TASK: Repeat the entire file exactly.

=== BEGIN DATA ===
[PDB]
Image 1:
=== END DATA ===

[PDB]
Image 1: